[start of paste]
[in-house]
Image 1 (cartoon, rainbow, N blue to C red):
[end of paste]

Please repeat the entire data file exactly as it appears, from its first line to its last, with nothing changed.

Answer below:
[in-house]
Image 1 (cartoon, rainbow, N blue to C red):